Study: Dry Cities Have Cheap Water
A recent study evaluating residential water use and charges in 30 metropolitan areas of the United States finds that some drought-plagued, “dry” cities in the country actually have the lowest water rates in the nation. The study was conducted by the Circle of Blue, a news and communications organization focusing on water-related issues.
The study found that a family of four using approximately 100 gallons of water per day pays about $34 per month in Phoenix, AZ, a dry city that has chronic water shortages. However, the same amount of water used in Boston, MA, generally believed to be “water-rich,” costs $65--nearly twice as much.
Similarly, the same family of four living in Las Vegas, NV, another dry city, pays about $33 per month. Yet in Atlanta, with 10 times the amount of rainfall as Las Vegas, the charge is $73 per month.
“Some of this is the result of water infrastructure issues,” says Klaus Reichardt, CEO and founder of Waterless Co. “Boston and Atlanta are older cities with older water delivery systems. These are often costly to operate. Phoenix and Las Vegas [on the other hand] have newer, more efficient systems.”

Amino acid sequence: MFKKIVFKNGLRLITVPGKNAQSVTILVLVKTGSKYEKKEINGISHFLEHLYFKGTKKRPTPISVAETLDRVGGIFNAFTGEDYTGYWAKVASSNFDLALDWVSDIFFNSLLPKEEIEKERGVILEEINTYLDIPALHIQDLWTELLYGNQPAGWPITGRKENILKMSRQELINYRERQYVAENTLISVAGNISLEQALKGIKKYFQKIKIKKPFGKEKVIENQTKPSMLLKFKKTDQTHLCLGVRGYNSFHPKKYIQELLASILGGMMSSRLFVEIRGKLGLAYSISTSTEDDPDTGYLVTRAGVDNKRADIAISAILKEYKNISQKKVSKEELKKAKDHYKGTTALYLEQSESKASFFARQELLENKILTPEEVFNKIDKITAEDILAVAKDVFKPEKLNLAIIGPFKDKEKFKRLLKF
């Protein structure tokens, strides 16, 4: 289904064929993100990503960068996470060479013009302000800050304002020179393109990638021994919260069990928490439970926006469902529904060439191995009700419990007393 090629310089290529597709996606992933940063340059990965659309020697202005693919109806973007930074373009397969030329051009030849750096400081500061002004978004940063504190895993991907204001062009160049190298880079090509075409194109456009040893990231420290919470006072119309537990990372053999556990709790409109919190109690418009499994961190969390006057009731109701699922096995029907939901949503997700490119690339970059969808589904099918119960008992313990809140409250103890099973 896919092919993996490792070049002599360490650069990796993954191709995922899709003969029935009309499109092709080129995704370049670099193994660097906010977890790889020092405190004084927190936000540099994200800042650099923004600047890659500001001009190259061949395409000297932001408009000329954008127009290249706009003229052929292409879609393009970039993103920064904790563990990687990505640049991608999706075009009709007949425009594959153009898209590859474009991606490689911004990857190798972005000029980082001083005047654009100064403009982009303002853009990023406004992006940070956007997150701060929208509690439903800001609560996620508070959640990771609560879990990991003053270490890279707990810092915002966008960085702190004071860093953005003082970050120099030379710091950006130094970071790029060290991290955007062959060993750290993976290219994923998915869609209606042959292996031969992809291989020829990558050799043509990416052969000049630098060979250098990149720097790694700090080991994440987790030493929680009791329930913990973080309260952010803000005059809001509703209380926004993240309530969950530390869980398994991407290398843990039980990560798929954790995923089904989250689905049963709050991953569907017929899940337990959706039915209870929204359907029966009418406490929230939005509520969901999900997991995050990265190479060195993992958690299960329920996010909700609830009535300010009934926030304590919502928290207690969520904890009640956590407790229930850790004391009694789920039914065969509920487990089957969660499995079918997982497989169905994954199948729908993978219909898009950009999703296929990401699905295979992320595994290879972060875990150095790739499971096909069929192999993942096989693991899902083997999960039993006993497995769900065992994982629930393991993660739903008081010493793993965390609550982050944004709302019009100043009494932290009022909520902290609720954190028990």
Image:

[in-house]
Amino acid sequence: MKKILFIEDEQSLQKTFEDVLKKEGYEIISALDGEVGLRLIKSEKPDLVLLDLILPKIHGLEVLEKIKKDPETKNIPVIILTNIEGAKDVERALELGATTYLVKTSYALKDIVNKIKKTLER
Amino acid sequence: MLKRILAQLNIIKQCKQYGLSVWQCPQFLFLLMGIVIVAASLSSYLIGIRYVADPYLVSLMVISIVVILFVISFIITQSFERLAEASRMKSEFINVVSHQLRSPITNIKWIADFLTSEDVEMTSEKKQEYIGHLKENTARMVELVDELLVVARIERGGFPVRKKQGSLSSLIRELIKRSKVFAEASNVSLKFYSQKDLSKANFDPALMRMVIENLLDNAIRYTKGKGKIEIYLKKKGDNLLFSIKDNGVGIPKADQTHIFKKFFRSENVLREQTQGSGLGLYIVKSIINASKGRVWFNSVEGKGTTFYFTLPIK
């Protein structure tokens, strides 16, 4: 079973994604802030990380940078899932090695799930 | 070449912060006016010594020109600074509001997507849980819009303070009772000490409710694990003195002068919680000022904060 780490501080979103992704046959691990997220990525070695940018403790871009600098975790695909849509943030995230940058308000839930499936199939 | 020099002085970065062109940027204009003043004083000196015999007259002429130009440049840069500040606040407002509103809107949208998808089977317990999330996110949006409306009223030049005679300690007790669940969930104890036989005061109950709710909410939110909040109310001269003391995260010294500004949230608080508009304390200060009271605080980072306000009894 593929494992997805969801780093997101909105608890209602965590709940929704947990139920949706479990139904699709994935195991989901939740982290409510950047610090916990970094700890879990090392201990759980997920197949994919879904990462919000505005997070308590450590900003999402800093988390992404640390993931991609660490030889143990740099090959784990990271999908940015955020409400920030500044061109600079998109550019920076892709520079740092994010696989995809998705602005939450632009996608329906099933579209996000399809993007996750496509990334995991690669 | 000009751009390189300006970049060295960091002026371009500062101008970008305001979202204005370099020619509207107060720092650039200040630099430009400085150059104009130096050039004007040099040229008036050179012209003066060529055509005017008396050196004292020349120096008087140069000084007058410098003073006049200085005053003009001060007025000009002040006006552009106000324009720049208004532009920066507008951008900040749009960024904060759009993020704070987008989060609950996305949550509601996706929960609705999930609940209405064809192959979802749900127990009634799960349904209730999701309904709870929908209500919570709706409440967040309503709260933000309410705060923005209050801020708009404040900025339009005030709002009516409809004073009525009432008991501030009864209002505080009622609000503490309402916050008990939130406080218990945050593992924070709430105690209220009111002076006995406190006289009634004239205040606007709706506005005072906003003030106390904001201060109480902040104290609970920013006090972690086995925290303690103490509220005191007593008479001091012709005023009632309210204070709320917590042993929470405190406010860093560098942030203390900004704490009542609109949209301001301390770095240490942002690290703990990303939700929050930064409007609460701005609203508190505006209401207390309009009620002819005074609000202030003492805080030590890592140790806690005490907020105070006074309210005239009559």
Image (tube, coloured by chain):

The study also revealed:
• Santa Fe, NM, has the highest overall water rates in the country for high-volume users.
• People in Boston use the smallest amount of water per day, 41 gallons.
• People in Fresno, CA, use the most, 211 gallons.
“The big problem here is that rates are so low in some dry cities [that] they encourage water use instead of conservation,” says Reichardt.
But there is also some good news in the study. Water use in cities such as Milwaukee, Los Angeles — even Las Vegas and Santa Fe — has actually dropped in recent years, according to Reichardt.
“These findings,” he adds, “show that [water] conservation is possible, but to achieve its full potential, must be encouraged across the country.”
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